In 1956 Passover Sedarim were celebrated on Monday evening March 26th. Until this year, that was the earliest start to Pesah anyone can remember. I don’t remember it. I was born two months later!
In all my years, I have celebrated Passover Sedarim in Chicago, Los Angeles, Boston, New York, Jerusalem, and Baltimore. Never before on Erev Pesah have I had to shovel snow before a Seder like I did last Monday afternoon. (I’ve heard from others who have, but it was a first for me!)
I’ll spare you the details. Because of Talmudic calculations and the overlap of the solar and lunar months, the earliest possible date Passover can begin (always the 15th of Nisan on the Hebrew calendar) is March 21st. Why? March 21st is the first day of spring in the northern hemisphere, the date when day and night are of equal length.
Curious about this, I discovered that before this year there was no earlier start to Passover in the entire 20th century. In this Bar Mitzvah year of the 21st century we celebrated the earliest start to Passover in any of our lifetimes, in at least 113 years.
We enjoyed our Seder celebrations on March 25, 2013. Next year Passover will begin later, the evening of April 14, 2014. The next time Passover begins as early as it did this year will be in 76 years on Friday, March 25, 2089.
During our Seder ritual we declare our freedom. In every generation we are each obligated to see ourselves as if we personally left Egypt. It’s a timeless story imparting eternal values. As my calendar reflection reminds us, we celebrate Passover every year.
This year, however, we learned to appreciate something else as Passover began. For all that is seasonal or annual or ongoing in our lives, some experiences are once in a lifetime occurrences. Sharing a Seder on the earliest spring date of my lifetime, and shoveling snow off the walkway before my Seder guests arrived, is one.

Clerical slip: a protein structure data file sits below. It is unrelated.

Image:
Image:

This is also Passover’s purpose. Free to appreciate all that we experience, to cherish every experience and every day, too often we don’t. Sometimes we can’t.
Even though we go to work every day, often repeating familiar tasks and routines, each interaction and conversation is distinctive. Even though we recite the same words in prayer, every prayer experience feels different, or should. Eating our favorite foods, no meal tastes quite the same as another. Even though two teams meet every season, each game they play is unique.
Preparing for or looking back on each and every day, we can remind ourselves. Our lives are truly rich and full because the freedom of our movement every day introduces us to familiar and new people and places. No Pharaoh rules over us. We are responsible for ourselves, and for each other.
The Exodus is the Jewish people’s once in a lifetime memory. This week we share its wonder and meaning hoping to live its lessons in the weeks ahead. This Passover provides another once in a lifetime event. Going forward we hope to live its lesson too, seeing our lives as collections of unique experiences that inspire and define us.
Our days will be more satisfying and significant when we understand freedom more personally. Training ourselves to focus freely on each moment we encounter as once in a lifetime. It probably is.